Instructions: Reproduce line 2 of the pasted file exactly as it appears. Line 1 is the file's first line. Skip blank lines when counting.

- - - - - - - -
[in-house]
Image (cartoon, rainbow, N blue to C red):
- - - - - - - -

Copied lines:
Image (cartoon, rainbow, N blue to C red):